• UX,
  • data science,
  • security,
  • scalability,
  • management,
  • development methodology,
  • gaming,
  • DevOps,
  • embedded systems,
  • physics simulation,
  • visualization,
  • quality assurance,
  • mobile apps,
  • machine learning,
  • analytics,

Getting thrown into the wrong specialty can be very damaging.

In 2007 I joined ING Direct Spain as an analyst, which involved a lot of technical work and some programming. As I have told elsewhere, a couple of years later I was made a project manager, which means that I was supposed to use an office suite as my tool of choice, and not code anymore. My life was not easy from that point on. While it is nice to know how to manage people, resources and projects, I'm not comfortable in a 100% managerial position. After a couple of years I left and have done technical work since.

Find what discipline you you would like to specialize in, and strive to work in it.

Your knowledge should be T-shaped: a shallow familiarity with many disciplines, and deep understanding of one or two.

It is probably a good idea not to specialize too much: an "expert in jQuery" looked great five years ago, but nowadays it looks dated. Instead, focus on broad disciplines like frontend development or UX (which is itself a refactoring of UI).

Get Involved In The Community

Finally, a really good way to improve as a software engineer is to find a local community, and get involved. Just showing up is a great first step! Then you can stay for a couple of sodas afterwards. It is very rewarding to know more people that work in your field and exchange stories from the trenches. Talking with your colleagues from work is nice, but since you breathe the same environment it is not as interesting.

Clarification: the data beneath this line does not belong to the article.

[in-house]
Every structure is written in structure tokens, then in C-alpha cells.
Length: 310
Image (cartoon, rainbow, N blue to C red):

The next step is to attend a few conferences, both at the national and international level. This way you can broaden your circle of acquaintances: most people are quite open at conferences and are usually willing to speak to anyone during breaks.

Then you can try giving a talk at a local group, and seeing if people like it.

In 2012 I approached the organizers of MadridJS to propose a talk about Node.js and Websockets, something I had been working on in my spare time as part of the milliearth project I have mentioned before. We finally scheduled it in 2013. All the 70 available places in Meetup were gone in about four minutes, which goes to show how popular the subject was. It was unfortunately taped (in Spanish). You can see how nervous I was. Even so it was a great experience! Since then I have been involved in MadridJS, and today I help organize monthly talks.

Conclusion

There are many ways to improve as a developer, many of them have been repeated ad nauseam by now, while others are clearly not stressed enough.

To really improve you need a long-term goal; it will help you focus.

Set yourself a goal for the next five years, and then build a way to get there.

Your goal should not be something too specific, like "mastering Angular": in five years it might not be that interesting (or it might not even exist). Instead of a project, a framework or a company, try focusing on a particular discipline, and work from there.

Part Four

The next installment is out! For you expert developers

Published on 2016-10-17, last edited on 2016-10-17. Comments, improvements?